Is “one of the four search engines that matter.” (Again, to be ironic, try typing search or search engine. It surprisingly yields and SearchEngineWatch as its top results — respectively, right now.)


Google was introduced to me by Leo Laporte on the then TechTV (in Call For Help I suppose), and he related how this search engine searched differently: the most popular pages appear at the top of the results. From a moral standpoint, of course, popularity doesn’t equal quality, so unconsciously, I was wary of it. But somewhere in the back of our minds we all knew it would be in the spotlight soon. It then became the homepage of my school library PCs. Everything became hazy after that.

The Wordplay

Coined by Milton Sirotta, the nine year-old nephew of mathematician Edward Kasner. It is the number 1 followed by one hundred zeros.

1 followed by a googol of zeroes, and is also the name of Google’s headquarters.

Go ogle
As it appeared in Jame Joyce’s Finnegans Wake as: “who thought him a Fonar all, feastking of shellies by googling Lovvey”

Back Links

BackRub was the name of the search engine Larry Page and Sergey Brin first developed in 1996, which analyzed “back links” pointing to a site. The two were graduate students of Computer Science in Stanford, too — Yahoo! founder David Filo was their friend and saw potential in their work. But he urged them to make the business grow first.

But Google looked like no other search engine portal — it wasn’t claiming to be a portal, after all — or any business idea for that matter. It was clean, neat, simple, playful. Too good (or unserious?) to be true. Everyone became a Fanatic, and in one way or another, the world was hooked.

You know you’ve made it when a kid is named after you. Or when professions are being devoted to cracking the algorithms driven by their engine, so that business can do better. Or even ways to get around it.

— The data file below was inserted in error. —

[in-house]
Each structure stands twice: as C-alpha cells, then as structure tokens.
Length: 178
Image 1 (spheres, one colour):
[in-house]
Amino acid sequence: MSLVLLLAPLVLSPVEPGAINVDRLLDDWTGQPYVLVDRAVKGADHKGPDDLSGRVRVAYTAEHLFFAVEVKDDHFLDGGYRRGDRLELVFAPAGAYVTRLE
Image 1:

Will Google ever grow evil? Has it? Competition certainly believes so, sometimes with more expletives than some would expect.I think I’d like to credit them more for conventions they’ve shaken up, with tricks up their sleeve you’d never expect. In a world where service revolved around the user (finally, a great way for corporations to think), Google’s growth — especially with the number of applications it has churned out so far (too many to count that you have to keep track of them) — has created this certain kind of symbiosis (no, not just a following) on a slightly smarter level.

Take GMail, for example. Personally, the “” address didn’t look pretty at all; I would have enjoyed “” a lot more, just as with Yahoo! had done with their mail. But after almost two years since it first released a never-before-seen 1 GB of storage, with constantly new, pioneering features other mail clients never really thought of providing all these years, I’ve only been using 16% of my now twopointsomething GB (but supposedly infinite) mailbox.

Folders, replaced by labels, probably paved the way for tagging and the death of hierarchical folders. It’s skinnable (in Mozilla), and can even serve as a virtual hard drive — while never having to delete anything again, indeed. But autosaving messages are most indispensible for me; I typed this post inside GMail to avoid losing my work in WordPress. Read your site feeds, download all attachments as a zip, or preview them immediately. Tons more things you can do await. Google made sure it was flexible for everyone — whether as users or software developers.

GMail is one of the prism’s faces that show a certainly different approach to solving problems. It is a growing school of thought that many other small applications seem to be adopting. Google’s ways are considered a great example of the new way in which applications are fashioned.

Enter the era of the Web 2.0. Portals were 1.0.

Footnote: The History of Google in ASCII is from Google Blogoscoped.

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